Evolution: The Modern Synthesis


Evolution: The Modern Synthesis is the title of a book by Julian Huxley which was published in 1942. It was the book which gave the modern evolutionary synthesis its name, and was one of the most important books on biology in the mid-twentieth century.

The background to the book change

Huxley was one of the main architects of the new evolutionary synthesis which took place around the time of World War II.

"The most informative episode in the history of evolutionary biology was the establishment of the 'neo-Darwinian synthesis'." Berry and Bradshaw, 1992.[1] The synthesis was brought about "not by one side being proved right and the others wrong, but by the exchange of the most viable components of the previously competing research strategies". Ernst Mayr, 1980.[2]

A trial run change

Huxley's first 'trial run' was the treatment of evolution in the Science of Life (1929–30), and in 1936 he published a long and significant paper for the British Association.[3] In 1938 came three lengthy reviews on major evolutionary topics.[4][5][6]

Two of these papers were on the subject of sexual selection, an idea of Darwin's whose standing has been revived in recent times.[7][8] Huxley thought that sexual selection was "...merely an aspect of natural selection". This rather grudging acceptance of sexual selection was influenced by his studies on the courtship of the Great Crested Grebe (and other birds that pair for life): the courtship takes place mostly after mate selection, not before.

The book and its reception change

Now it was time for Huxley to tackle the subject of evolution at full length, in what became the defining work of his life.

His role was that of a synthesiser, and it helped that he had met many of the other participants. His book Evolution: The Modern Synthesis was written whilst he was Secretary to the Zoological Society, and made use of his remarkable collection of reprints covering the first part of the century. It was published in 1942.

Reviews of the book in learned journals were little short of ecstatic; the American Naturalist called it "The outstanding evolutionary treatise of the decade, perhaps of the century. The approach is thoroughly scientific; the command of basic information amazing".[9][10]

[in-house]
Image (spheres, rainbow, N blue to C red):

Others in the field change

Huxley's main co-respondents in the modern evolutionary synthesis are usually listed as Ernst Mayr, Theodosius Dobzhansky, George Gaylord Simpson, Bernhard Rensch, Ledyard Stebbins and the population geneticists J.B.S. Haldane, Ronald Fisher and Sewall Wright.
However, at the time of Huxley's book several of these had yet to make their distinctive contribution. Certainly, for Huxley, E.B. Ford and his co-workers in ecological genetics were at least as important.

Key terms change

It was Huxley who coined the terms the new synthesis and evolutionary synthesis;[11] he also invented the term cline in 1938 to describe species whose members fall into a series of sub-species with continuous change in characters over a geographical area.[12][13] The classic example of a cline is the circle of subspecies of the gull Larus round the Arctic zone. This cline is an example of a ring species.
Some of Huxley's last contributions to the evolutionary synthesis were on the subject of ecological genetics. He noted how surprisingly widespread polymorphism is in nature, with visible morphism much more prevalent in some groups than others. The immense diversity of colour and pattern in small bivalve molluscs, brittlestars, sea anemones, tubicular polychaetes and various grasshoppers is perhaps maintained by making recognition by predators more difficult.[14][15][16]

  • Huxley, Julian 1942. Evolution: the modern synthesis. Allen and Unwin, London. 2nd ed 1963; 3rd ed 1974. ISBN 0-02-846800-7

References change

  1. Berry R.J. and Bradshaw A.D. 1992. Genes in the real world. In Berry R.J. et al. (eds) Genes in ecology. Blackwell, Oxford.
  2. Mayr E. 1980. Some thoughts on the history of the evolutionary synthesis. In Mayr E. and Provine W.B. The evolutionary synthesis. Harvard. pp 1–80
  3. Huxley J.S. 1936. Natural selection and evolutionary progress. Proceedings of the British Association 106, 81–100.
  4. Huxley J. 1938a. Threat and warning colouration with a general discussion of the biological function of colour. Proc Eighth Int Ornithological Congress, Oxford 1934 pp 430–55
  5. Huxley J. 1938b. Darwin's theory of sexual selection and the data subsumed by it, in the light of recent research. American Naturalist 72, 416–33.
  6. Huxley J.S. 1938c. The present standing of the theory of sexual selection. In G.R. de Beer (ed) Evolution: Essays on aspects of evolutionary biology pp 11–42. Oxford.
  7. Cronin, Helena (1991). The ant and the peacock: altruism and sexual selection from Darwin to today. Cambridge University Press.
  8. Anderson M. 1994. Sexual selection. Princeton.
  9. Hubbs C.L. 1943. Evolution the new synthesis. American Naturalist 77, 365–68.
  10. Kimball R.F. 1943. The great biological generalization. Quarterly Review of Biology 18, 364–67 [another review of Ev. the modern synthesis].
  11. Huxley J. 1942. Evolution: The Modern Synthesis (2nd ed 1963, 3rd ed 1974)
  12. Huxley J. 1938d. Clines: an auxiliary method in taxonomy. Bijdragen tot de Dierkunde (Leiden) 27, 491–520.
  13. Huxley J. 1938e. Clines: an auxiliary taxonomic principle. Nature 142, 219–220.
  14. Huxley J.S. 1955. Morphism and evolution. Heredity 9, 1–52.
  15. Huxley J. 1955. Morphism in birds. In Portmann A. & Sutter E. (eds) Acta XI Cong Int Ornith (Basel 1954) pp 309–328.
  16. Moment G.B. 1962. Reflexive selection: a possible answer to an old puzzle. Science 136, 262.